In his award-winning polemic documentary, The Mona Lisa Curse, Renowned art critic Robert Hughes explores the rise of contemporary art. Hughes invites us into his New York apartment to reflect on the catastrophic transition of art as art to art as commodity. His longstanding position as art critic for Times magazine stands him in good stead to uncover his lifetime’s worth of knowledge.
Hughes blames art investors for transforming the once tasteful tenet of culture into a money-making machine. He also blames artists such as Andy Warhol and Damien Hirst for their contemporary works, which he says are the product of too much money and not enough ability.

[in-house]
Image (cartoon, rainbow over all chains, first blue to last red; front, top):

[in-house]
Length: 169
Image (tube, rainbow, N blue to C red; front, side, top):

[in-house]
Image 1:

Whenever a famous work goes on sale today, it is a matter of which investment banker, businessman or aristocrat will bid, as oppose to which art museum. The Guggenheim, The Met, The Louvre and MoMa, for example, all rely on “founders” to lend or donate art. This means the public are exposed to art that is subject to these founders’ taste, as oppose to a comprehensive array of transcendental art. The art museums struggle to break even from year to year, while investors make millions of dollars off each sale. Did the artists spend their entire lives painting to feed one man’s bank statement? Hughes believes not.
While I happen to be an avid Warhol and contemporary art fan, there is huge value in the arguments posed by Hughes. Luckily you can [legally] stream the whole documentary on YouTube: